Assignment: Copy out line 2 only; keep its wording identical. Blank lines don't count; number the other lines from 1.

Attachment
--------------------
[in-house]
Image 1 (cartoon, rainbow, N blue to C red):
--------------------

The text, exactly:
Image 1 (cartoon, rainbow, N blue to C red):